‘Deer Management’ Options Explored

‘Deer Management’ Options Explored

The deer population has boomed, experts tell Great Falls Citizens Association Town Hall meeting.

From left, deer management experts Kristen Sinclair, Kevin Rose and Jerry Peters.

From left, deer management experts Kristen Sinclair, Kevin Rose and Jerry Peters.


Reena Singh

State Department of Game and Inland Fisheries wildlife biologist Kevin Rose discusses homeowners’ best options to manage deer population.

Experts Discuss Deer Control issues

Hundreds of deer are eating tree limbs in the national parks and decorative hastas in gardens, and short of introducing wolves to the area, residents want to get rid of them.

Great Falls Citizens Association had three local deer management experts discuss what the residents’ options were April 8 at a town hall meeting at The Grange.

All three said there is no way of knowing how many deer are in the area. However, because there is no natural predator, the deer population has boomed.

“We hear a lot that we have destroyed the deer’s natural habitat,” said Kevin Rose, State Department of Game & Inland Fisheries certified wildlife biologist. “Actually, we created a better deer habitat by building suburbia.”

He said deer like areas that are on the edge of the forest, which is why they are found in Great Falls.

“We know about 1,500 deer are killed through hunting every year, on average,” said Kristen Sinclair, Fairfax County Park Authority.

She said another 1,000 deer are killed in vehicle accidents. However, these accidents can be dangerous for the driver as well.

THE LAST LOCAL FATAL COLLISION was October 1997 in McLean. The accident led the Fairfax County to adopt a deer management plan that is currently managed by the Fairfax County Police Department.

The parks, Sinclair said, use managed hunting, sharp-shooting and archery to thin the deer population. Each of the methods is highly regulated and a lot of the venison is donated to Hunters for the Hungry. Non-lethal methods, such as sterilization, are currently being tested in the county, but are not allowed outside the test site.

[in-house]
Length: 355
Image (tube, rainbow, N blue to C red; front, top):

Rose said homeowners can take the matter into their own hands by regularly using natural repellants on plants, such as eggs, raw garlic and pepper. However, if the deer is hungry enough, they will still eat the plant. Also, the repellants need to be reapplied every time it rains.

“You have to do it before they learn that this is where they’re eating the buffet,” he said.

He said guard dogs are also a very effective method of getting rid of deer. However, the best method - he said - is to hunt the does. The less does there are, the less fawns Great Falls will see each spring.

He said the more human ways to get rid of deer are to kill it with a high power crossbow in an elevated stand. Trap transfer tends to stress the deer into cardiac arrest and meat from deer that take certain contraceptives cannot be consumed.

Green Fire founder and Great Falls resident Jerry Peters talked about his own efforts to reduce the deer population in his neighborhood. He said the deer on his private property became very tame before he started hunting them with a crossbow. At one point, he saw 13 in his yard.

AT THAT POINT, he decided to take action. He surveyed his neighbors to find who would want to help thin the deer, who would allow hunting on their property and who would allow deer to be tracked through their property.

“The greatest support came from the long-term owners, the people who have been there for a long time and remembered what the forest looked like in the ‘80s.”

He agreed it is difficult to know exactly how many deer are in Great Falls, but he guessed it could be 100 per square mile.

“It’s not about nature anymore,” said Rose. “We’ve taken out the wolves. We’ve taken out the cougars. We can manage the resource, but will our culture let us?”

To take GFCA’s deer managment and forest health survey, visit http://www.surveymonkey.com/s/LN757YT.